Koran burning in Scandinavia: freedom of expression’s ultimate test?

Anti-Islam demonstrations have sparked condemnation and raised constitutional challenges for Sweden and Denmark

A man holding up a copy of the Koran that is on fire
A man burnt a Koran outside a mosque in Stockholm last month, one of a ‘string’ of such incidents
(Image credit: Nils Petter Nilsson/Getty Images)

Incidents of the Koran being publicly burnt in Sweden and Denmark have caused huge offence and upset across the Islamic world and sparked condemnation from European leaders.

A far-right activist was given permission by Swedish authorities to burn the holy text outside the Turkish embassy in Stockholm in January, and a “string” of similar demonstrations has taken place in the Scandinavian countries since, said Politico.

During Eid al-Adha last month, a protester burnt the Koran in front of a mosque in Stockholm. This week, far-right protesters set copies of the holy book alight in front of the Turkish and Egyptian embassies in Copenhagen.

Subscribe to The Week

Escape your echo chamber. Get the facts behind the news, plus analysis from multiple perspectives.


Sign up for The Week's Free Newsletters

From our morning news briefing to a weekly Good News Newsletter, get the best of The Week delivered directly to your inbox.

From our morning news briefing to a weekly Good News Newsletter, get the best of The Week delivered directly to your inbox.

Sign up

“The issue has thrown up a major dilemma,” said the BBC. Sweden and Denmark’s governments have condemned the burnings, but both countries’ laws staunchly protect freedom of expression and the right to protest.

Constitutional challenges

Sweden’s constitution protects the right to freedom of expression regardless of the subject, including “expressions of opinion that question religious messages, or that can be perceived as hurtful to the believer”.

Police had previously refused to grant permission for planned gatherings, but a court overturned the decision in April, ruling that demonstration permits could only be withheld if “relatively concrete circumstances” indicate a serious security or public order risk.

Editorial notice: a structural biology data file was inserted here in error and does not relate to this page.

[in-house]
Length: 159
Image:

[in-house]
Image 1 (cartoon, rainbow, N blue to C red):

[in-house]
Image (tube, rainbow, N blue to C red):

Mårten Schultz, a law professor at Stockholm University, told the BBC that freedom of speech for Swedes is “not just the law but a fundamental value”. At stake for them is “a historic and fundamental right dating back to 1766”, the BBC noted.

Sweden does have a law that prohibits “incitement against ethnic groups, in place since 1949 in response to the Holocaust”, said the BBC. But experts say that the target of the burnings was “a book instead of people or individuals” and so a reading of the law that prohibits public demonstrations of this kind is “not appropriate”.

‘A clear provocation’

Koran burnings “briefly threatened to derail” Sweden’s bid to join Nato earlier this year, “amid a backlash in Turkey”, said The Times. Now, Iraq, Saudi Arabia and Qatar are among a number of countries that have condemned the burnings and summoned Swedish representatives.

Sweden’s image on the global stage has changed from that of “a tolerant country to a country hostile to Islam and Muslims”, its security service has warned. Protesters “stormed the Swedish embassy” in Baghdad last week, said Politico, “and tried to reach the Danish embassy” before security forces intervened.

“Anger spilled over” at the United Nations this week, said the BBC, as some countries argued that while the protests were “offensive” they were “not against international law”.

The situation is placing the Scandinavian countries at odds with international allies. The European Union’s foreign policy chief, Josep Borrell, said the demonstrations were “offensive, disrespectful and a clear provocation”, and that “expressions of racism, xenophobia and related intolerance have no place in the European union”.

The Organization of Islamic Countries will meet on Monday to discuss the Koran burnings, but a resolution could be a way off. As Sweden’s foreign minister Tobias Billström has warned: “There are no quick fixes.”

Continue reading for free

We hope you're enjoying The Week's refreshingly open-minded journalism.

Subscribed to The Week? Register your account with the same email as your subscription.

Julia O'Driscoll is the engagement editor. She covers UK and world news, as well as writing lifestyle and travel features. She regularly appears on “The Week Unwrapped” podcast, and hosted The Week's short-form documentary podcast, “The Overview”. Julia was previously the content and social media editor at sustainability consultancy Eco-Age, where she interviewed prominent voices in sustainable fashion and climate movements. She has a master's in liberal arts from Bristol University, and spent a year studying at Charles University in Prague.